Chinese Nationalist Party (KMT) Chairman Johnny Chiang (江啟臣), tasked with reforming the party and returning it to the viable political force that it once was, is faced with a Gordian knot. The complexities of the job ahead go beyond appealing to a younger generation of voters.
Chiang might have to decide between jettisoning much of what the party originally stood for and preparing it for a return to the Presidential Office, or doubling down on its founding purpose and representing what is increasingly, in the current state of Taiwanese politics, a minority view.
The KMT, as the founding party and self-proclaimed champion of the Republic of China (ROC), held sway over the nation for decades, initially under martial law as an uncontested authoritarian regime, and then as the architect of the nation’s economic development and — albeit forced by a grassroots pro-democracy movement — democratization.
It has not fared well in the post-democratic period, with the exception of its landslide victory in 2008 that was, at least partially, attributable to the perception among the electorate that the Democratic Progressive Party (DPP) under former president Chen Shui-bian (陳水扁) had become corrupt.
When the KMT had control over the curriculum, media, judiciary and parameters of public discourse, the ROC ideology was sustainable. This is less true after the DPP has had the chance to partially dismantle the KMT’s old party-state apparatus, amend parts of the curriculum and influence public discourse.
Another important trend has been the “natural independence” phenomenon, caused by a generation that has an increasingly higher proportion of people who identify as Taiwanese, not Chinese. A recent survey found that 83 percent identify as Taiwanese, while only 5 percent identify as Chinese.
On Tuesday last week, Chiang perfectly summarized the complexity of the situation, saying: “I was born and raised in Taiwan. I am Taiwanese… From the perspective of blood origin, culture and history, I am also Chinese... On the basis of the ROC Constitution, I am an ROC national.”
He added that the Constitution defined the territory of the ROC — including China — and that the model, short of constitutional amendments, would remain unchanged.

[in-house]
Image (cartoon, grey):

In doing so, he has wedded himself and the party to a vision of the ROC, as encapsulated in the Constitution, which is wildly at odds with objective fact and reality.
If he could abandon this conception and follow a more realistic vision for the nation, appealing more effectively to the majority view of the electorate and to the younger generation, he might stand more of a chance of returning the party to the Presidential Office.
To complicate matters, Chiang must be mindful of representing the party’s young members, many of whom did not vote for him in the March 7 chairperson by-election. His rival, former Taipei mayor and KMT vice chairman Hau Lung-bin (郝龍斌), did slightly better among those younger than 40. Chiang enjoyed far more support among 60 to 69-year-olds — garnering more than 40 percent, compared with less than 10 percent for Hau.
Another problem is that some young KMT members have views that differ from those of the wider electorate. Some have said that the KMT should return to the concept of the ROC safeguarding a “Free China.”
Concerned that the party has drifted away from being a defender of democracy and become too close to the Chinese Communist Party, they want the KMT to return to this vision and to articulate it more effectively.
The question is, can Chiang bring these contradicting trends — stronger identification with Taiwan and a newly reinforced affiliation to the ROC and KMT of the past — under one tent?
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